A segmented curriculum is problematic for pupils

Schools must take a holistic view to stop children struggling to piece together a fractured educational experience

curriculum, leader, education

It’s easy to forget that there’s really only one person who gets a holistic view of a child’s education, and that is the child. Only the child gets to compare nursery with primary, primary with secondary and secondary with FE or university. And only the child truly understands the differences between them.

Everyone fixates on their own part of the chain. How much does a secondary teacher know about what happens in primary, or vice versa? An emphasis on transition has helped, but this still tends to be a battleground of claims that each side could do more.

There have been, however, some admirable efforts to help disadvantaged children on this score. In Parklands Primary School in Leeds, for example, after February half term, a transition coordinator supports vulnerable children in Year 6 to access extended transition time with secondary school before they move up in September. They receive support until the following February, when the cycle starts over again.

And at Craigroyston Community High School in Edinburgh, vulnerable young people are supported at university via Facebook, text messages with teachers, catch-ups over coffee and an open-door policy at their old school.

But if the segmented reality of education causes a multitude of problems, the biggest must be curriculum. You may have a great key stage 3 curriculum that builds beautifully into a superb KS4 curriculum, but if it fails to appreciate what has gone on before, it probably won’t work that well. And in primaries, how much thought goes into what has come before and what comes after?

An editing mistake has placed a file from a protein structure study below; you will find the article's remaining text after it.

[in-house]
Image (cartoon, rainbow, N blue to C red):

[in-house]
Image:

There is no easy fix. Having multiple primaries feeding into a single secondary, for example, means that without a huge degree of cooperation (and, more importantly, agreement and time), building a cohesive cross-phase curriculum is almost impossible.

Should secondaries dictate a curriculum to feeder schools? Should primaries have an influence on secondary? Should the answer shift depending on the subject or the child? It would be nice to think this could be done cooperatively, but – apart from a minority of well-balanced multi-academy trusts – there are too many competing ideologies, too many competing accountability targets.

And at the centre of this is a child who has to try to make sense of it all. A child who may be switching off because they have already studied what is being taught; or because there is assumed knowledge; or because the curriculum experience is just so different.

An all-through school has a distinct advantage here. Emily Maule was able to plan a curriculum from Reception all the way to GCSE and beyond. She could take a singular view of a child’s entire journey and build a cohesive pathway.

How much of an advantage is that to progression? It all depends on your metric. But it’s fair to say that a good number of all-through schools do very well at GCSE. Is that because they train for a grade 9 from age 5? Maule is at pains to point out that this is not the case. It is more likely that the learning process across phases simply makes sense – that deep knowledge is acquired and children are less anxious as a result.

We need to look more closely at these schools. If what they are doing is effective, then what does this mean for the vast majority of schools and MATs that do not operate an all-through model? Is a school’s curriculum only as good as its relation to the curriculum that is taught before or after? And if so, what does that mean for Ofsted’s inspection framework?

If we are really going to take curriculum seriously, we need answers to these questions and we need to view and understand education much more holistically. It shouldn’t be left only to the child to do that.


This article originally appeared in the 8 November 2019 issue under the headline “However you slice it, segmented curricula pose problems for pupils”